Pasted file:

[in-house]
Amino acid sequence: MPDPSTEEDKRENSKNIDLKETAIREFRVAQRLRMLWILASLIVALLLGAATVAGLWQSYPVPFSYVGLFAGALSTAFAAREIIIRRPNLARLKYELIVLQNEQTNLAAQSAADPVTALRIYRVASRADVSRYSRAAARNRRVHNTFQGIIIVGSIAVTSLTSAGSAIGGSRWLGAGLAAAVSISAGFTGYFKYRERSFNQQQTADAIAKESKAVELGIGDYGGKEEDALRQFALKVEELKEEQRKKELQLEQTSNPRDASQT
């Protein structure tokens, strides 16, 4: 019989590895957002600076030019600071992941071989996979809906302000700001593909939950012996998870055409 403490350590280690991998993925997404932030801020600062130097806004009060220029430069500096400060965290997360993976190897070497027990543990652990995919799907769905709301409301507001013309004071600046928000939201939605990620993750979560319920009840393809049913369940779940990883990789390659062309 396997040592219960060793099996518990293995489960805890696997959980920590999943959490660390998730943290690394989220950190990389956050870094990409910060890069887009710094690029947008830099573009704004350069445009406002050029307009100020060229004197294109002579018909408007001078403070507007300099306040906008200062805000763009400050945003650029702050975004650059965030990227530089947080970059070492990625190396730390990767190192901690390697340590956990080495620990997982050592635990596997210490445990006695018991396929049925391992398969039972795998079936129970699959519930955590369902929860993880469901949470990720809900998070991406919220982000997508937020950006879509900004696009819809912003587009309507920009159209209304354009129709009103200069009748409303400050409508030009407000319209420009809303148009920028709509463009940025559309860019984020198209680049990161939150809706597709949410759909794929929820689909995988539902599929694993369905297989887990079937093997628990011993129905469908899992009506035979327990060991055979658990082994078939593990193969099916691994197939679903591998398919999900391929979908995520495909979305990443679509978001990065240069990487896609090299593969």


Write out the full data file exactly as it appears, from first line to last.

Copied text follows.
[in-house]
Amino acid sequence: MPDPSTEEDKRENSKNIDLKETAIREFRVAQRLRMLWILASLIVALLLGAATVAGLWQSYPVPFSYVGLFAGALSTAFAAREIIIRRPNLARLKYELIVLQNEQTNLAAQSAADPVTALRIYRVASRADVSRYSRAAARNRRVHNTFQGIIIVGSIAVTSLTSAGSAIGGSRWLGAGLAAAVSISAGFTGYFKYRERSFNQQQTADAIAKESKAVELGIGDYGGKEEDALRQFALKVEELKEEQRKKELQLEQTSNPRDASQT
């Protein structure tokens, strides 16, 4: 019989590895957002600076030019600071992941071989996979809906302000700001593909939950012996998870055409 403490350590280690991998993925997404932030801020600062130097806004009060220029430069500096400060965290997360993976190897070497027990543990652990995919799907769905709301409301507001013309004071600046928000939201939605990620993750979560319920009840393809049913369940779940990883990789390659062309 396997040592219960060793099996518990293995489960805890696997959980920590999943959490660390998730943290690394989220950190990389956050870094990409910060890069887009710094690029947008830099573009704004350069445009406002050029307009100020060229004197294109002579018909408007001078403070507007300099306040906008200062805000763009400050945003650029702050975004650059965030990227530089947080970059070492990625190396730390990767190192901690390697340590956990080495620990997982050592635990596997210490445990006695018991396929049925391992398969039972795998079936129970699959519930955590369902929860993880469901949470990720809900998070991406919220982000997508937020950006879509900004696009819809912003587009309507920009159209209304354009129709009103200069009748409303400050409508030009407000319209420009809303148009920028709509463009940025559309860019984020198209680049990161939150809706597709949410759909794929929820689909995988539902599929694993369905297989887990079937093997628990011993129905469908899992009506035979327990060991055979658990082994078939593990193969099916691994197939679903591998398919999900391929979908995520495909979305990443679509978001990065240069990487896609090299593969």